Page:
We purchased Christmas lights for the outside of our house. In an unlikely Christmas season, for an extra burst of light in a dreary time. While I would have chosen clear white lights, the vote was cast, and multicolor strands were purchased instead.
My husband began hanging the lights on the main level roof. I was folding laundry inside when I hear a thud, and something tumbling from above.
I ran outside. My son was looking up. I was cold without a jacket on, and only my slippers to cover my feet. Knowing he was up rather than down, there was sweet relief. He called down that he was fine. Then I noticed he was no longer on the main level, he was up on the second storey roof. How had he gotten up there?
Well, he’d put the ladder on the garage roof to climb up, of course.
A ladder. On a snowy, potentially icy, garage roof. Climbing up to the second storey.
My neighbor's words to him summed it up, “I’m going inside now, you are making me nervous.” I went back in too, because of the cold, but I also to avoid my anxiety.
We don’t want to watch the world fall apart. Yet, every day, we see the reminders of this fallen world, even before 2020. Our hearts break at injustice, poverty and war. There is pain and suffering all around us. It’s hard to watch, and it’s even more difficult to live in it.
When headlines report news from somewhere across the country, or the world, we can neatly tuck that information away, because it doesn’t necessarily impact our day-to-day. However, when suffering enters, unbidden, our lives are turned upside-down, as we scramble against gravity.
We’ve had the opportunity to learn a lot this last year, about ourselves, our faith and our values, as we’ve been sorting through the chaos of change. How has our faith been weathering the storm?
Here are three reasons why growing a habit of abiding in Christ is important for 2021.
To steward the time we’ve been given
“Therefore, as you received Christ Jesus the Lord, so walk in him, rooted and built up in him and established in the faith, just as you were taught, abounding in thanksgiving” (Col 2:6-7).
Depending where you are, and what degree of lockdown you are in, there’s a good chance you may be experiencing more time on your hands. What are we filling our time with when we’re not running around to our kids’ activities, meetings, or social events?
These are opportunities for us to develop the habit of growing in the Word and prayer, to listen to biblical teaching on a podcast, or a bible study on Rightnow media. This time and space are an invitation for us to intentionally put our relationship with God first above all else, to root our faith by the means of grace he has given to us in the Word.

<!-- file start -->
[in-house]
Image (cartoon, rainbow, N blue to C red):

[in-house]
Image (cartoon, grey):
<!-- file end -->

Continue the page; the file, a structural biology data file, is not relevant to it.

How have you been growing in the disciplines of faith?
To endure the storm, we need an anchor
“Mightier than the thunders of many waters, mightier than the waves of the sea, the Lord on high is mighty!” (Ps 93:4).
Our world has been shaken with a pandemic, a life experience we never imagined to encounter. While stress and changes in life are not new, this has tested our ability to reconcile our faith with adversity.
Our response to hardships and changes in life reveals what we believe about God. In these times of shift and change, the perfect bubble of our life has burst and we struggle to figure out how to blow it back up again.
We need to learn more about who God is, practice believing it, and trusting who he says he is. This is the bedrock of our faith. While Jesus lay sleeping in the boat, winds raging, rain falling, disicples panicking above, he stood up and with one command he calmed it right down. The shocked disciples ask, “who is this?”
Can we answer this question about who God is?
To bear fruit that will last
“His delight is in the law of the Lord, and on his law he meditates day and night. He is like a tree planted by streams of water that yields its fruit in season, and its leaf does not wither” (Ps 1:2-3).
If you have a garden, you know how important it is to water your plants. The plant’s health depends on it. You may also know that the fruit is impacted by the nourishment it does, or does not receive. The shape and spots on my tomatoes reveal when they were getting enough water.
In John 15, Jesus tells his disciples, “whoever abides in me and I in him, he it is that bears much fruit, for apart from me you can do nothing. If anyone does not abide in me he is thrown away like a branch and withers; and the branches are gathered, thrown into the fire, and burned” (John 15:5-6).
The singular focus here is that without Christ, there is no fruit. Abiding in Christ through time in the Word and in prayer equips us with the divine commodity of producing fruit for the kingdom of God. The contrast is also significant, that a life without him withers from lack of nourishment, and gets tossed onto the compost heap.
And so this becomes our prayer, “that our God may make you worthy of his calling and may fulfill every resolve for good and every work of faith by his power, so that the name of our Lord Jesus may be glorified in you, and you in him, according to the grace of our God and the Lord Jesus Christ” (2Thess 1:11-12).